Dr. Hildreth Hosea Smith

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Dr. Hildreth Hosea Smith

Birthplace: Deerfield, Rockingham County, New Hampshire, United States
Death: September 14, 1908 (88)
Atlanta, Fulton County, Georgia, United States
Immediate Family:

Son of William True Smith and Martha Smith
Husband of Mary Brent Smith
Father of M. Hoke Smith, Governor, U.S. Senator and Secretary of the Interior

Occupation: Lawyer,Teacher, College professor UNC, President Catawba College & Sam Houston University texas, Founder Houston Texas Public School System and news paper editor in Atlanta
Managed by: Private User
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About Dr. Hildreth Hosea Smith


Hildreth Hosea Smith, educator and journalist, was born in Deerfield, N.H., the son of William True, a farmer, and Martha Ambrose Smith. He was the father of Senator Hoke Smith of Georgia. His ancestors included the Reverend Henry Smith, a seventeenth-century Puritan missionary in Connecticut, and he himself was a first cousin on his mother's side of Mary Baker Eddy, founder of the Church of Christ, Scientist. Smith attended Foxcroft Academy in Maine and Bowdoin College, where he was graduated near the top of his class in 1842. Afterwards he taught school briefly in Bucksport, Maine, then returned to Bowdoin and received a master of arts degree in 1845. He next proceeded to Washington, D.C., where he read law and was licensed to practice, but failing eyesight soon forced him to retire from the bar.

For a time he apparently wandered, traveling briefly to the California gold fields and teaching for a year in Lancaster, Pa. In 1851 he was appointed professor of mathematics, natural sciences, and modern languages at newly founded Catawba College in Newton, N.C. Smith seems to have impressed Catawba's students and trustees from the start; appointed president of the college in 1853, he is generally credited with setting the school on a firm academic foundation.

In December 1856 Smith was elected professor of modern languages at The University of North Carolina, a chair he held until the coming of President Solomon Pool's Reconstruction administration in 1868. He offered courses in French, German, Spanish, and Italian, reportedly demonstrating a high proficiency in all of these languages, as well as in mathematics and astronomy. Although described as a gentle man, he was nicknamed "Old Tige" by his students, partly because of his great physical strength and partly because of his courage, displayed in fighting a sensational house fire off campus.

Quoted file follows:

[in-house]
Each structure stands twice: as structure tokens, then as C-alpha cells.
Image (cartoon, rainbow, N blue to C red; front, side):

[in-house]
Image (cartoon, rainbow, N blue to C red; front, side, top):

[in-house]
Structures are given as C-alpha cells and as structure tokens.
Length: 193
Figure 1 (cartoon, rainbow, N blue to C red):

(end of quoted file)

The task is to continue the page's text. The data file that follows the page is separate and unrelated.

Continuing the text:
After leaving Chapel Hill in August 1868, Smith for several years operated a small academy in Lincolnton. During 1871 he moved to Atlanta, Ga., to become principal of the Luckie Street Grammar School. In 1873, at the request of the Peabody Fund, he took over the organization of the Shelbyville, Tenn., public schools, with such "marked" success that in 1877 he was called upon to organize a similar system in Houston, Tex. In September 1879 Smith was elected principal of Sam Houston State Normal College at Huntsville, Tex. The next year he received an honorary doctor of letters degree from Baylor University.

Smith returned to Atlanta about 1882 and served as principal of Girls' High School. In 1888 he resigned to become literary editor of the Atlanta Journal, in which his son Hoke had recently acquired a controlling share. Retiring in 1893 due to ill health, he resided in Atlanta until his death.

In addition to articles for the Journal, Smith wrote The Robertsonian System of French, with Rules of Pronunciation, and a Full Vocabulary (1858). On 19 May 1853 he married Mary Brent Hoke, a sister of Robert F. Hoke, the Confederate major general. Besides [Michael] Hoke Smith (2 Sept. 1855–27 Nov. 1931), the couple had three other children: Frances (Fanny, b. 1854), Lizzie (b. 1861), and Burton (b. 1864), a prominent Atlanta attorney and a partner in his brother's firm.

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Dr. Hildreth Hosea Smith's Timeline

February 17, 1820
Deerfield, Rockingham County, New Hampshire, United States
September 2, 1855
Newton, NC, United States
September 14, 1908
Age 88
Atlanta, Fulton County, Georgia, United States